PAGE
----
Patricia Karvelas
How will the fact that there are no correspondents from Australian media left in China affect how this incredibly important subject is covered?

Kevin Rudd
Well, Patricia, to state the bleeding obvious it’s not going to help. Both Birtles and the correspondent from the Australian Financial Review, Mike Smith, are first-class journalists and they write well, and so their coverage has been important in terms of the continuing awareness of Australians not just of the Australia-China relationship, but frankly, its fundamentals which is: what’s going on in China domestically? Ultimately, what we see at this end is driven by Chinese domestic politics and the Chinese domestic economy. China’s foreign policy is ultimately a product of those factors. And the more you have effective analysis of those things, the better we are in Australia and around the world in framing our own response to this phenomenally complex country which is now becoming increasingly assertive, requiring an increasingly sophisticated response from governments like Australia.

Patricia Karvelas
Just a couple of other issues. It would be odd for me not to ask is it reasonable for Queensland to continue keeping its border with New South Wales closed given how well authorities there have kept the virus under control?

Kevin Rudd
Look I think Annastacia Palaszcuk has played this pretty well from day one, and she like the other state premiers has been highly attentive to the professional advice the chief medical officer. I mean, pardon me for being old fashioned about these things, Patricia, but I always think you should listen to the experts. We do believe, at least on our side of politics, in something called objective science. And if the experts are saying ‘be cautious about this’ then so you should be. And the other thing to say is, what would I do if I was in her position right now? Well, you could have listened to the leader of the LNP in Queensland, Ms Frecklington and opened the borders to the south many, many months ago, and run all sorts of risks including people coming in from Victoria as well. Annastasia Palaszczuk resisted those demands. I think she’s been proven to be right as a result. So if I was her, and if I was in her shoes today, I think I’d be doing exactly what she’s doing which is listening to what the chief medical officer is advising her to do.

Patricia Karvelas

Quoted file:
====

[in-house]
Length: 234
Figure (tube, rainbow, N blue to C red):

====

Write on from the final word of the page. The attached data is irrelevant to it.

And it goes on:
Just finally, I spoke to Noel Pearson a little while ago about of course this issue around Rio Tinto and that conduct around the destruction of the Juukan Gorge caves. And of course, you know, you as prime minister delivered the the apology and has I know a long interest in Indigenous affairs. What’s your assessment of the way the company has behaved here? And what is the sort of lasting legacy here that you’re concerned about?

Kevin Rudd
For Rio Tinto — which will soon be known in Australia as Rio TNT, I think — for Rio Tinto it has blown up its own reputation as anything approximating a responsible corporate citizen in Australia. What we know already from the parliamentary inquiry is that far from this being some sort of shock and surprise or accident, that in fact, senior management within Rio Tinto were already taking legal advice and PR advice about how to handle a reaction once the detonation occurred. So for the company, they should be hauled over the coals. If there’s a fining regime in place, it should be deployed. The executives responsible for this decision should no longer be executives. If I was a shareholder of Rio Tinto, this is just appalling for Indigenous people. Look, you know, something as old as 40,000 years. This is as old as the ancient caves of Altamira and Lascaux in in Europe. And to simply allow someone to walk in with a stick of jelly and bang, you’re gone? I mean, this will be devastating for the Indigenous people who in this generation are responsible for the custodianship of the land which means these ancient sites. So for our Indigenous brothers and sisters, this has been an appalling development. For the company, I think their reputation now is mud.

Patricia Karvelas
Kevin Rudd, many thanks for joining us this afternoon.

Kevin Rudd
Good to be on the program.